Below is the liturgy used by the Lunenburg Lutheran Parish on Sunday, February 14th.
This year this date is the last Sunday of the season of Epiphany, which brings to a close the time of “enlightening” (which is what “epiphany” means), and we prepare to enter the season of Lent (more on that later!).
We thanks Bishop Michael Pryse for providing the sermon for this service, and we ask that God bless you all with an increased awareness of presence as you continue to live through this pandemic.
God’s peace be with you all!
Here’s a copy of the service we used in the Lunenburg Lutheran Parish on the 7th of February.
The sermon (which was not used in church) has been provided by Bishop Sid Haugen of the Saskatchewan Synod.
Peace be with you all!
Below is the liturgy we used for Sunday worship in the Lunenburg Lutheran Parish.
The sermon is from our National Bishop, the Rev. Susan Johnson, and we thank her for contributing to our worship experience today!
Peace be with you all.
This has been a rough week, for a great many people.
The headlines of media outlets have been shouting about what happened on the steps of the Capitol Building in Washington DC. on Wednesday.
But there was more, much more, to what happened in Washington that day. And much of it did not make the headlines.
And it should have.
Below is a video from Lutheran Bishop Leila Ortiz, from the Metro DC Synod of the Evangelical Lutheran Church in America.
She was taking part in a prayer service for peace, when the church was invaded by Trump supporters.
I will let her tell her story.
But I will say this. Give the insurrectionists credit – They recognized that what was happening in that church was indeed a threat to what they were trying to do.
Praying for peace, and letting love set the agenda for our actions, is completely countercultural in a society which prizes power above everything.
So we join our siblings in the Metro DC Synod, their Bishop, Leila Ortiz, and all other people of good will around the world:
+ in remembering our dependence, not our independence;
+ in praying for peace, not for power,
+ in serving our neighbour, not ourselves.
The Call of the Gospel necessitates our movement toward the struggle for peace, justice and abundant life for all of God’s people, for all of God’s creatures.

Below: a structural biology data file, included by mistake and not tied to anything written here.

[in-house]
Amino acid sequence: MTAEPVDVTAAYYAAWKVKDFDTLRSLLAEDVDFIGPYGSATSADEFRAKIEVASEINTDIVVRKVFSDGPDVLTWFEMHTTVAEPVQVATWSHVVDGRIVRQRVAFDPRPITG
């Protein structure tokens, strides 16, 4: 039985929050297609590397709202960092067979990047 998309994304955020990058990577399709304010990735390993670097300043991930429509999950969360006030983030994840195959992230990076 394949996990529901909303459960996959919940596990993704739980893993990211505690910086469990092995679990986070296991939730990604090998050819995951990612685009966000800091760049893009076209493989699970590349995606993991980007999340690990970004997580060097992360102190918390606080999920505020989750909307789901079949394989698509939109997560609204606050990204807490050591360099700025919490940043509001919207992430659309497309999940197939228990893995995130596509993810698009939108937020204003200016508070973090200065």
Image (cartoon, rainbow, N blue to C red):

It is not an easy road.
But we do not travel alone.
God goes with us. Bishop Leila Ortiz goes with us.
And, today, for this moment, we go with her.
Peace be with you all.
Happy New Year, everybody!
January 6th is the day we remember the visit of the Magi, or scholars, to Jesus and his mother. We call this The Epiphany (a word which means “light”).
One way that some of us do this remembering is through what we call “Chalking the Door.”
The video below will show you what that looks like.
If you would like to Chalk your Door this year, you may click here to get a copy of the liturgy.
Peace be with you all!!!
Happy New Year, everyone!
Attached is the service for the first Sunday of the year, which also happens to be the 2nd Sunday of Christmas.
Given the year we just concluded, I am not making any predictions about how things are going to go! We have all learned (or perhaps re-learned) that trying to do such things is pretty pointless.
However, what I can say is that we do not face the coming year alone. The Word of God, God’s self-expression, God’s very presence, goes with us.
This promise does not make life, faith and hope easier. It does, however, make life, faith and hope possible.
May you all experience the blessings of the Word made flesh in 2021.
Here’s the liturgy we used at the Lunenburg Lutheran Parish (on the South Shore of Nova Scotia) for the First Sunday of Christmas, 2020.
May peace be with all of you as you celebrate, as you struggle, as you attempt to be faithful in these extraordinary times.
Here is a link to our virtual Christmas Eve service for 2020.
May peace be in our hearts, in our homes, in our land and in our world.
Here is the liturgy for this Sunday (this is somewhat abbreviated, because we did celebrate Holy Communion today).
May peace be yours, this day and always.
Here is the Home version of the service we will be using at the Lunenburg Lutheran Parish on Sunday, November, 29, 2020.
It’s the church’s New Year’s Day! But instead of making resolutions which can’t, or won’t, be kept, let’s take some time to contemplate the promises of God, which can and will be kept…, and, indeed, are being kept.